Perhaps you think I've forgotten you but if you do you'll find out your mistake when you open this epistle. The writing will no doubt seem strange as you haven't had a glimpse of it in such a long time but alas! they say there's a war on so I hope you'll overlook my shortcomings. I know I don't answer half your letters but you know very well it's not because I don't want to so don't get peeved and stop writing. You ought to have lots of news to give me now so I'll continue to look for a nice long letter every week. I haven't received your new address yet so will have to use the old one till it comes. You'll certainly enjoy your year all right - not the slightest doubt about that. Toronto is a fine place and you should have a real good time there - especially if you get with a bunch that you know. I t won't take you long to become "naturalized" so to speak. You'll be right at home before I have been there a week. Of course you will be out to see Doc & Mrs. Coyne (21 Hilton Ave. I think is their add.) You might tell them I'm still alive if you do see them for I guess they've given up hopes of ever hearing from me. It's a downright shame too for they treated Lawrence & me royally when we were at Ex. Camp & the least I could do was to have written occasionally. But I had so many to write to that I kept putting it off until I had let it go so long I didn't have nerve enough to write. They probably have their opinion of me though.
And you'll also attend service at Mr. Dunn's new church. It wasn't completed when I left Toronto but they were holding services in the basement and I used to go out every now & then. You see I'm taking a whole lot for granted n'est-ce pas?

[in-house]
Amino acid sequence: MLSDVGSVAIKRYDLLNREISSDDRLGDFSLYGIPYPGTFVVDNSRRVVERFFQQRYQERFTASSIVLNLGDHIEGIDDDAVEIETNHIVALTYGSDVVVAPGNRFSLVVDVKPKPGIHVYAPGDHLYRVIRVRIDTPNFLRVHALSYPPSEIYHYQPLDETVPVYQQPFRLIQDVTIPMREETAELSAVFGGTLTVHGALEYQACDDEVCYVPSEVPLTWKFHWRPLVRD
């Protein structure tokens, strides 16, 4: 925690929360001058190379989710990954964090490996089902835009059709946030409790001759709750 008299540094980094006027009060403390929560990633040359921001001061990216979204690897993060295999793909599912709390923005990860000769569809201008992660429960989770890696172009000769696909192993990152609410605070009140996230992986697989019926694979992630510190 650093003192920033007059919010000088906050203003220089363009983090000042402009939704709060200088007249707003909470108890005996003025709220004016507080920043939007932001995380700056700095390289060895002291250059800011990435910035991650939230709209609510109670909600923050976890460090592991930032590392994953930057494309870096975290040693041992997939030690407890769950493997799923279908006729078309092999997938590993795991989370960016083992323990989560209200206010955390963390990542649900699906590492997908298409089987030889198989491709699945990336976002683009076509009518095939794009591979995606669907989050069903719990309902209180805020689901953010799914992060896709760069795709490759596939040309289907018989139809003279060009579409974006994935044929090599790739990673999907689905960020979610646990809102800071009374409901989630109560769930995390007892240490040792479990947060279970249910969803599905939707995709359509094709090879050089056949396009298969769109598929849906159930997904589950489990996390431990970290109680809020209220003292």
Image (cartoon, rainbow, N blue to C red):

I'm still laughing over that little anecdote of Mary Jane Crawder's; she must have been thinking of old John when she sprang that one on you. I can't just figure out myself what the weed has to do with the food question but I guess it's almost as important. I believe even Billie MacG- would you get the habit in time if he had to stand in a trench full of water & get shot at every day. A cigarette is a wonderful nerve tonic and I say the same thing to Mrs W.C.T.U. Morrison the first time I see her. You would have laughed if you heard some of the lectures she used to give Don Shaw when he called at their house for Ellsworth's vegetables every morning one summer when I was working for them. Don would light up as soon as she came out of the house just to start her going.
Well here's the corpl. for the mail & I musn't keep him waiting. Hope you are enjoying yourself and like your work. I'm feeling O.K. and am as ever.
P.S. This is a snap of my platoon taken behind the lines about two weeks ago. Pretty tough looking bunch I s'pose you'll say but I think it's pretty fair considering the conditions under which it was taken. It's a little too dark -